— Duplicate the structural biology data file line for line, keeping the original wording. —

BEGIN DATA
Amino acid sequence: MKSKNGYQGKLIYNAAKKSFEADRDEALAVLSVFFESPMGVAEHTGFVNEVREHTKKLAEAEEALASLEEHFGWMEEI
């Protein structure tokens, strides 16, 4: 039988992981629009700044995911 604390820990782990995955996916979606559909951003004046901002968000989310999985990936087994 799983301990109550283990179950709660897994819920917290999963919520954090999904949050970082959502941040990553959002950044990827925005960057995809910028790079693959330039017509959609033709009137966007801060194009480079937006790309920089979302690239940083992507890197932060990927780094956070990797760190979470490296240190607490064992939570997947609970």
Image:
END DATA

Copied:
Amino acid sequence: MKSKNGYQGKLIYNAAKKSFEADRDEALAVLSVFFESPMGVAEHTGFVNEVREHTKKLAEAEEALASLEEHFGWMEEI
């Protein structure tokens, strides 16, 4: 039988992981629009700044995911 604390820990782990995955996916979606559909951003004046901002968000989310999985990936087994 799983301990109550283990179950709660897994819920917290999963919520954090999904949050970082959502941040990553959002950044990827925005960057995809910028790079693959330039017509959609033709009137966007801060194009480079937006790309920089979302690239940083992507890197932060990927780094956070990797760190979470490296240190607490064992939570997947609970």
Image: